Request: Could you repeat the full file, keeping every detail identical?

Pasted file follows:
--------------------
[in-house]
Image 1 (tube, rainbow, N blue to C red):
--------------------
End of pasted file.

[in-house]
Image 1 (tube, rainbow, N blue to C red):